Brian Boroihme's Harp

[From the Dublin Penny Journal, Vol. 1, No. 6, August 4, 1832]

It is well known to all our readers that the great monarch, Brian Boroihme, was killed at the battle of Clontarf, A.D. 1014: He left with his son Donagh, his harp, but Donagh having murdered his brother Teige, and being deposed by his nephew, retired to Rome, and carried with him the crown, harp, and other regalia of his father, which he presented to the Pope. These regalia were kept in the Vatican, till the Pope sent the harp to Henry VIII. but kept the crown, which was of massive gold. Henry gave the harp to the first Earl of Clanricarde, in whose family it remained until the beginning of the eighteenth century, when it came, by a lady of the De Burgh family, into that of M'Mahon of Clenagh in the county of Clare, after whose death it passed into the possession of Commissioner Mac Namara of Limerick. In 1782 it was presented to the Right Honourable William Conyngham, who deposited it in Trinity College Museum, where it now is. It is thirty-two inches high, and of good workmanship; the sounding board is of oak, the arms of red sally, the extremity of the uppermost arm in part is capped with silver, extremely well wrought and chiselled. It contains a large crystal set in silver, and under it was another stone now lost. The buttons or ornamented knobs, at the side of this arm, are of silver. On the front arm, are the arms chased in silver of the O'Brien family, the bloody hands supported by lions. On the sides of the front arm, within two circles are two Irish Wolf Dogs, cut in the wood. The holes of the sounding board, where the strings entered, are neatly ornamented with an escutcheon of brass, carved and gilt; the larger sounding holes have been ornamented, probably with silver. The harp has 28 keys, and as many string-holes, consequently there were as many strings. The foot piece or rest is broken off, and the parts round which it was joined are very rotten. The whole bears evidence of an expert artist.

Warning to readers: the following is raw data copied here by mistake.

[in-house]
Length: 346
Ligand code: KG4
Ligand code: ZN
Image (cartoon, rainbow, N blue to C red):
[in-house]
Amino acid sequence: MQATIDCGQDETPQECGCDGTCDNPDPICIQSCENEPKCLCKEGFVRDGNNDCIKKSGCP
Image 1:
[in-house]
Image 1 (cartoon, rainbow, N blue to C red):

The three figures which our wood-cutter has attached to the harp are intended to represent, No. 1, two iron straps; No. 2, a piece of brass; and No. 3, a piece of paper, which as permission was refused to open the glass case in which the harp is kept, it could not be ascertained for what purpose it is there.